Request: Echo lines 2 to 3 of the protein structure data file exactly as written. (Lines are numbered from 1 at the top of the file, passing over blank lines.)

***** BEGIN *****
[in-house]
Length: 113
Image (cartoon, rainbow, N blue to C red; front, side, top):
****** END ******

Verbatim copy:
Length: 113
Image (cartoon, rainbow, N blue to C red; front, side, top):